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Research Themes Cell biology

Quorum Sensing: E. coli Gets Involved

SBKB [doi:10.1038/sbkb.2014.213]
Featured Article - August 2014
Short description: The crystal structure of E. coli SdiA provides insights into substrate selectivity and oxidation-dependent regulation.

Structure of the SdiA dimer, in ribbon and surface representations, showing the ligand-binding domain on top and the DNA-binding domain at the bottom. Figure courtesy of Kyeong Kyu Kim.

Quorum sensing is a bacterial regulatory mechanism that modulates transcription once a threshold cell concentration is reached, allowing the selective expression of genes required for growth in high cell density conditions. Quorum sensing relies on enzymes producing a small molecule and its cognate receptor, usually orthologs of Vibrio fischeri LuxI and LuxR, respectively. Each LuxI homolog synthesizes an acyl-homoserine lactone (acyl-HSL), which binds to and activates the transcription factor LuxR. Acyl-HSLs vary in the length and structure of the acyl side chain among species.

With regard to quorum sensing systems, Escherichia coli is an interesting exception, as it possesses the LuxR homolog SdiA but lacks a LuxI homolog. E. coli SdiA binds a variety of acyl-HSLs and induces transcription, suggesting that it may respond to signals produced by other bacterial species. Indole also activates gene expression in an SdiA-dependent manner, indicating the potential of SdiA to respond to endogenous signals. SdiA is involved in virulence factor expression of both enterohaemorrhagic E. coli and Salmonella typhimurium and is thus of interest as a potential drug target.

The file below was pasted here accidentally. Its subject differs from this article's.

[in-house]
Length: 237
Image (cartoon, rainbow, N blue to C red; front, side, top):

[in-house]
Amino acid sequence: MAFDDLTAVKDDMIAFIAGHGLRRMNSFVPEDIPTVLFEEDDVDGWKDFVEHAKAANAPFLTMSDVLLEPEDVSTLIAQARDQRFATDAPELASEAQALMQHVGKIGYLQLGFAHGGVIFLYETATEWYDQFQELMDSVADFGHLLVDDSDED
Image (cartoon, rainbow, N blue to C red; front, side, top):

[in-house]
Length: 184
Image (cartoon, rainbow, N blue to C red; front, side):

To understand SdiA's substrate specificity and function, Hwang, Kim and colleagues solved the crystal structure of full-length SdiA from E. coli (PDB 4LFU and 4LGW). Like other known LuxR homologs, SdiA forms a symmetrical dimer and each SdiA monomer has an N-terminal ligand-binding domain and a C-terminal DNA-binding domain. While the domain structure is conserved overall, their relative orientation differs among species. The ligand-binding pocket of SdiA is much larger than those in other LuxR homologs, which would explain its broad signal specificity. Still, other structural features of the binding pocket and biochemical assays reveal that SdiA binds most strongly to octanoyl-HSL.

SdiA dimerization is dependent on formation of an intersubunit disulfide bond between Cys232 residues in the DNA-binding domains and can be enhanced by the presence of H2O2, suggesting that the cellular oxidative state could affect SdiA-dependent gene regulation. Indeed, binding of SdiA to a promoter is reduced in the presence of H2O2. The addition of acyl-HSLs does not enhance the affinity of SdiA for its DNA target, but seems to increase the protein's thermal stability.

The study adds an interesting new twist to E. coli's quorum-sensing regulation. Further work will be needed to understand the role of oxidation in activating SdiA targets.

Claudia Lupp

References

  1. T. Kim et al. Structural insights into the molecular mechanism of Escherichia coli SdiA, a quorum-sensing receptor.
    Acta Crystallogr D Biol Crystallogr. 70, 694-707 (2014). doi:10.1107/S1399004713032355

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